(Reuters) – The US legal services sector lost 600 jobs in March, new Labor Department figures showed on Friday, marking the first monthly employment decline for the industry since September.
Legal sector jobs totaled 1,180,900 last month, according to preliminary seasonally adjusted data released by the US Bureau of Labor Statistics. The count includes lawyers, paralegals and other legal professionals.
Across US industries, the economy continued to add jobs in March, pushing the unemployment rate down to 3.5%. The continued tightness of the labor market could lead to the Federal Reserve hiking interest rates again next month.
Legal employment has declined by 7,000 jobs since reaching an historic high in July, Labor Department statistics show. US law firms bulked up in 2021 and 2022 to take advantage of an unusually high client demand for advice on corporate deals and other legal work.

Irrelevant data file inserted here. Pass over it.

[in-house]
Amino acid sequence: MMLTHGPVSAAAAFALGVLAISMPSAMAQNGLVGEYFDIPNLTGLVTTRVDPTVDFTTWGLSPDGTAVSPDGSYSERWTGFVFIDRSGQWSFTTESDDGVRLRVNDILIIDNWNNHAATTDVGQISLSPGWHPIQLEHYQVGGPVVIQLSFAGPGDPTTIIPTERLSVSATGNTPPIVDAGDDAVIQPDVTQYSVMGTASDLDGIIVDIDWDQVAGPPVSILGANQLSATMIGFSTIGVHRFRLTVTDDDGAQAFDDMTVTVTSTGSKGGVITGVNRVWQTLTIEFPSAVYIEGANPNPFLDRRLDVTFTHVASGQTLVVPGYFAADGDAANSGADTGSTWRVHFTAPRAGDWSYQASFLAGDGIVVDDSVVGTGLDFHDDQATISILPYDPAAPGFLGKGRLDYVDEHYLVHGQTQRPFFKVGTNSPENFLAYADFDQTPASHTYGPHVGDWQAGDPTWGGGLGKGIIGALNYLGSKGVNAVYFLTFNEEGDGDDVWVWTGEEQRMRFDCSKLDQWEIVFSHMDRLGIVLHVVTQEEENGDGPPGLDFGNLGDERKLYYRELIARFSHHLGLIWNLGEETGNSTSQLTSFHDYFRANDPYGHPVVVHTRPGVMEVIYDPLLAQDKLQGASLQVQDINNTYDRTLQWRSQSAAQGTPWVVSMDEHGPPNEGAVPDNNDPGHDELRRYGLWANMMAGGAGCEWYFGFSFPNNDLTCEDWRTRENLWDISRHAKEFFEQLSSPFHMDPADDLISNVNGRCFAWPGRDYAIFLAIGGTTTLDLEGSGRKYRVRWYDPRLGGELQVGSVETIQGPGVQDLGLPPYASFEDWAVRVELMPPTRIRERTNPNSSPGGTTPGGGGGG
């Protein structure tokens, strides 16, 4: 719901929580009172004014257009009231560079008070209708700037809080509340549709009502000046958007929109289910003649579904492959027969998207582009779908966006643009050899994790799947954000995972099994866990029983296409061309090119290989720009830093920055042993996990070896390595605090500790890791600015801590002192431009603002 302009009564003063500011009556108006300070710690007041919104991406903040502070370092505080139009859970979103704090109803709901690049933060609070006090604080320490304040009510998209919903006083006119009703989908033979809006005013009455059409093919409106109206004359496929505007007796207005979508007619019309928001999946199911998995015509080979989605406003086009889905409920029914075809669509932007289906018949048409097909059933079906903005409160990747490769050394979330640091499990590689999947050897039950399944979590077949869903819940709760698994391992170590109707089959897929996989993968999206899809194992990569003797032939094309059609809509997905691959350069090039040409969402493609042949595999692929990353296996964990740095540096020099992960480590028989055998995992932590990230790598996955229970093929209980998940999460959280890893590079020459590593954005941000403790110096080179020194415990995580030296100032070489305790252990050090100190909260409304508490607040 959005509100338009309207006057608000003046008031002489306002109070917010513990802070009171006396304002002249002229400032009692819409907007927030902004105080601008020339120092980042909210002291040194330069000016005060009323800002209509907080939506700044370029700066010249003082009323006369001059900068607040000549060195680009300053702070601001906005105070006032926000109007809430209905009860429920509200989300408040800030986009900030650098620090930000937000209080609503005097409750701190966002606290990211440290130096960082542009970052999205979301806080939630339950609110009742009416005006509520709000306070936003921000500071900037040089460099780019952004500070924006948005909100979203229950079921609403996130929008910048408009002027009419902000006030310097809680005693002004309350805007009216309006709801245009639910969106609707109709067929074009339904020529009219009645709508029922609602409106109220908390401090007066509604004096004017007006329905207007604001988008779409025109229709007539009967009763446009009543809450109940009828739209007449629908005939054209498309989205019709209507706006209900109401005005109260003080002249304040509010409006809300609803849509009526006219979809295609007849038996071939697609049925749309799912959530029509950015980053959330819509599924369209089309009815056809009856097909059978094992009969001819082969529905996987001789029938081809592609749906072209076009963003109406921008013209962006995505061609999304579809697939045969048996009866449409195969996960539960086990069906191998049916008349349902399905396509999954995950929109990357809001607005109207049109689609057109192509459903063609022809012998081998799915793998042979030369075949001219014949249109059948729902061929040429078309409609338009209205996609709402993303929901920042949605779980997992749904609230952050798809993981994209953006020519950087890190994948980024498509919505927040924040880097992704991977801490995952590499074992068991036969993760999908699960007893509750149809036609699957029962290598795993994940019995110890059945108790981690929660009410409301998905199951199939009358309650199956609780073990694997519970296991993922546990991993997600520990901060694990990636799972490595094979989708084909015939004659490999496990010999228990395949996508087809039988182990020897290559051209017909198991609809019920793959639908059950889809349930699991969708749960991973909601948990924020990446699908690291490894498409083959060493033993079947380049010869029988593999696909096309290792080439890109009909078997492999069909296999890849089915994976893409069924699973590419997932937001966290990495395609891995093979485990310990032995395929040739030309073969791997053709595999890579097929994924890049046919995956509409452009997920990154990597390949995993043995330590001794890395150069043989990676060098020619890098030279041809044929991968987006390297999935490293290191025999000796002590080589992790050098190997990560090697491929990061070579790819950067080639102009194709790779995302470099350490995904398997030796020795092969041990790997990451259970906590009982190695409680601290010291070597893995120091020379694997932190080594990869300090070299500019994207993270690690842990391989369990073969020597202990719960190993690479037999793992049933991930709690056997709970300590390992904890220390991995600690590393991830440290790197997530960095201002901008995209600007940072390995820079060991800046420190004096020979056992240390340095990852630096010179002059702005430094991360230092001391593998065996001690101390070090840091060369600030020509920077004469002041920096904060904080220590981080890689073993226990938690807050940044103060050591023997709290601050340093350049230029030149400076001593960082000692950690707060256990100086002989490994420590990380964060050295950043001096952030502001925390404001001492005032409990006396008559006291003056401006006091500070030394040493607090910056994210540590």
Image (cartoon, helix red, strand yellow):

After dropping in August and September, the number of jobs in the US legal sector has stayed relatively flat or increased slightly month-over-month.
During the same period several large US law firms, including Cooley, Goodwin Procter, Stroock & Stroock & Lavan and Shearman & Sterling, had laid off lawyers and staff in the face of a cooler M&A environment and faltering demand.
This week Silicon Valley-founded law firm Gunderson Dettmer Stough Villeneuve Franklin & Hachigian said it was trimming 10% of its US attorneys, paralegals and staff.
Chicago-founded Kirkland & Ellis also cut an unspecified number of attorney jobs this week, although a spokesperson for the firm described the move as “performance-based” and not layoffs.
Firms including Davis Wright Tremaine and Perkins Coie have also let go of business professionals.
Jeffrey Lowe of legal recruiting firm Major, Lindsey & Africa, told Reuters this week that he expects to see more law firm layoffs heading into the second quarter of the year.
US job growth strong in March; unemployment rate falls to 3.5%
Law firm layoffs spread as cooling economy keeps clients wary
Law firms share the pain as global M&A deals dry up
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